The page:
The text, tone and tenor of the statement issued by The Viral Fever (TVF), among India’s top entertainment software start-ups, while denying the allegation of sexual harassment against its co-founder Arunabh Kumar, tells us a great deal about how sexual harassment figures as an issue in the workplace, even in trendy companies that otherwise seem progressive and feminism-oriented.
The statement, released in response to an allegation made by a former employee on a social media site, was defensive, precluded any possibility of examining her allegation, and threatened the young woman.“We will leave no stone unturned to find the author of the article and bring them to severe justice for making such false allegations…” read a line. This was an ugly street-side demonstration of organised male power against a young woman. Since then, other women associated with the start-up came out with their own terrible experiences.
Eventually, a senior woman member of the company’s core team encouraged her colleagues and others to complain. But Kumar told a tabloid that “he is a heterosexual male who finds women sexy and tells them so”. It begs the questions: Why should a male boss wear his sexuality on his sleeve while at work? Why should the workplace be the setting to tell a woman colleague she is sexy?
It does not have to do with education or training or, even sensitivity. Remember the Tehelka and TERI cases? Kumar is an IIT grad. It is, at its core, about men who see women colleagues more as women and less as professionals, as fair game for their predatory sexual behaviours.
Sexual harassment is hardly only about sex; it is the unmistakable coercive pressure on women in subordinate positions, a subtle connection drawn between sexual favours and work, the demonstration of power by a man in a superior position. It is about the man marking the workplace as his territory, not an equal space.
It takes a great deal for women at the receiving end to speak up or file a complaint with the police. The battle becomes long, lonely and humiliating. Worse, it affects her career. Sexual harassment is more common in the urban workplace than we think. Since The Sexual Harassment at Workplace (Prevention, Prohibition and Redressal) Act came into force on April 2013, documentation of sexual harassment in the organised sectors tells its own story.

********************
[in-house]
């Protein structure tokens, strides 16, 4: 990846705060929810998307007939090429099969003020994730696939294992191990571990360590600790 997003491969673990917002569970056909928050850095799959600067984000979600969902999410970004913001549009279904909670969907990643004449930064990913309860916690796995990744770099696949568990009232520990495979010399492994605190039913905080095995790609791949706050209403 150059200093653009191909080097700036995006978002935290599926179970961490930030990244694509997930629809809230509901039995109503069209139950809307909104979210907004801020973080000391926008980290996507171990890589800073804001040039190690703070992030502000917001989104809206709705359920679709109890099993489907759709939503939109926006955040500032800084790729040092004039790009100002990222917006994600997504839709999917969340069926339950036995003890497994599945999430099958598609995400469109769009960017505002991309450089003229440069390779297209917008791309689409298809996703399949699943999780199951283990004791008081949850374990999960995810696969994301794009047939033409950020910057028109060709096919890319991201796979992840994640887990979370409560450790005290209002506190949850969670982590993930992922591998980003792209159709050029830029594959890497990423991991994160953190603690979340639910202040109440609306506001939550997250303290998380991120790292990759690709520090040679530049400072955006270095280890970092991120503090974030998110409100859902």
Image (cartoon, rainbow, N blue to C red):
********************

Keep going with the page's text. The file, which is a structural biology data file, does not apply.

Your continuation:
Sexual harassment is “an unidentified threat” to women employees and creates “an environment of intimidation and repression…the victim endures hostility, degradation and pressure, which her colleagues do not,” stated the latest report of the Indian Bar Association, which studied the issue across industries and cities in India last year.
Nearly 60 per cent of the victims had endured it for at least six months before speaking up and nearly 29 per cent had waited for a year to complain. But here’s the rub: only about 31 per cent had complained to the Internal Complaints Committee (ICC) in the organisation, the report stated. The ICC is, of course, required by law.
The data shared by 50 Nifty companies on sexual harassment cases in their annual reports showed a 26 per cent rise in a year and two-thirds of these companies had 525 complaints in the year, a report in this paper said three months ago.
These were from the banking, IT, media and entertainment sectors. These are formal workplaces; how lesser educated or empowered women negotiate their way through the informal sectors and rural workplaces is anybody’s guess.
Sexual harassment vitiates the work atmosphere, making it an unsafe and uneven playing field for women. Alarm bells are ringing about the abysmally low – and falling – participation of women in the formal workforce.
Mumbai has only about 16 per cent women in its formal workforce; Bangalore tops the list with about 25 per cent. Of the key factors that keep women away from the workplace, an unsafe work environment with possible sexual harassment is one.
The sooner the workplaces address this issue, the better for all. And, no, start-ups with the casual dude-bro work culture cannot claim a special licence to keep the work environment intimidating or unsafe for women.